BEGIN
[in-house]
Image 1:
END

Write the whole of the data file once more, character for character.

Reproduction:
[in-house]
Image 1: